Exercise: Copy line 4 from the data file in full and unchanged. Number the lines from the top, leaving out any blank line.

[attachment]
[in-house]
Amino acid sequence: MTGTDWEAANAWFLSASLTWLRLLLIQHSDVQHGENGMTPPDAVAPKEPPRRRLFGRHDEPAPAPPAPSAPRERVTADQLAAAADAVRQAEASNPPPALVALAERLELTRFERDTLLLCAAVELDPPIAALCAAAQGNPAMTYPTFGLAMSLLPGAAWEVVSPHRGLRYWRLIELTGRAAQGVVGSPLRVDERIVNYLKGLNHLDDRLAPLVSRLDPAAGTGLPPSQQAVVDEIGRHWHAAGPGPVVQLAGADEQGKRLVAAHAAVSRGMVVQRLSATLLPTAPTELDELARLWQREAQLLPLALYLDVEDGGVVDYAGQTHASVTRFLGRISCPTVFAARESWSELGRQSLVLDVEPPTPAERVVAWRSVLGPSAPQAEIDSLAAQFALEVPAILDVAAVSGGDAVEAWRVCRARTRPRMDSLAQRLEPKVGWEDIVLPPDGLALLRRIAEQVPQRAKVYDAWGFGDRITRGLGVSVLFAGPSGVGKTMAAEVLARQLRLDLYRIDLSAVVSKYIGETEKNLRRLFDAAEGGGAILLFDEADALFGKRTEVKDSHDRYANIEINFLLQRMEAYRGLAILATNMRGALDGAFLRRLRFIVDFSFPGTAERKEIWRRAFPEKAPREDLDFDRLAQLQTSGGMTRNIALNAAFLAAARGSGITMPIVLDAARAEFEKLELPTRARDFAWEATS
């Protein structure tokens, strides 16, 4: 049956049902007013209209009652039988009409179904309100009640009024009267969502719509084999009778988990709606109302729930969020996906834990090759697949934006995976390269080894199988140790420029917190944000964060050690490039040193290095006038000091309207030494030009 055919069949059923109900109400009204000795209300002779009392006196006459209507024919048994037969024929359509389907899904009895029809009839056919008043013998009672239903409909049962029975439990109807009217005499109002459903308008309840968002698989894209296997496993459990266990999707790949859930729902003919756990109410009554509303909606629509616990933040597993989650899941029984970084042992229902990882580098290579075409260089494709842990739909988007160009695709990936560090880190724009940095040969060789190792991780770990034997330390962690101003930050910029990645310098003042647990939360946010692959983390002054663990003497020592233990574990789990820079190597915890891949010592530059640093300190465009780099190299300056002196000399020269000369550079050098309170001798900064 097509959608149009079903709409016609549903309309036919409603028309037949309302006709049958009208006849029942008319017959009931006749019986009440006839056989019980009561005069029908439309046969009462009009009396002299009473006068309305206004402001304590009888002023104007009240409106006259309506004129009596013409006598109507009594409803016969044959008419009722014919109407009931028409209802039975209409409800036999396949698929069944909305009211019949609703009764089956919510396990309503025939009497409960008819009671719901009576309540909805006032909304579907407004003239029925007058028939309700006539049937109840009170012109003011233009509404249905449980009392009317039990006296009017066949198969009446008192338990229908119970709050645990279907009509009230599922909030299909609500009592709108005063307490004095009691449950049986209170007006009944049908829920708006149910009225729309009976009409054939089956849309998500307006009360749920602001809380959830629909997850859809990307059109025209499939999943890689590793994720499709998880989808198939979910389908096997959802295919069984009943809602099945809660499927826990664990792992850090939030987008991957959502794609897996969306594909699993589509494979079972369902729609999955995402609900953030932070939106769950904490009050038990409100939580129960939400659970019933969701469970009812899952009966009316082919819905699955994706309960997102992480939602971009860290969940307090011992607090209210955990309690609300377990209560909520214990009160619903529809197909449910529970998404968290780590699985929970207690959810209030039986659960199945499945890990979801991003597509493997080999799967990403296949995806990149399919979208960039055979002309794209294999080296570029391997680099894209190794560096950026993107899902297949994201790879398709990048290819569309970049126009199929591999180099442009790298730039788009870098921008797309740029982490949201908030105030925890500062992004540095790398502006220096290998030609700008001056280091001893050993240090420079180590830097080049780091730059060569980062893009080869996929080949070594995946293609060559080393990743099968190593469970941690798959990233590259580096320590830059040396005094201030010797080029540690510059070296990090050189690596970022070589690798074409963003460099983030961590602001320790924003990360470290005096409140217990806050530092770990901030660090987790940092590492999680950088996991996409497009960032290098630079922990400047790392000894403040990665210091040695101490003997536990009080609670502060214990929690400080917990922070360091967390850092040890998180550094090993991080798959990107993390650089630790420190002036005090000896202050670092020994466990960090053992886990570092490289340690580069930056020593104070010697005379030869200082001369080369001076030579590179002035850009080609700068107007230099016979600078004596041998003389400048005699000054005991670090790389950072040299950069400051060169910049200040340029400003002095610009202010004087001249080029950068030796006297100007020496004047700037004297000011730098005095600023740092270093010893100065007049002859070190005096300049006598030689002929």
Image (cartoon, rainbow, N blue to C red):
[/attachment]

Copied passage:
Image (cartoon, rainbow, N blue to C red):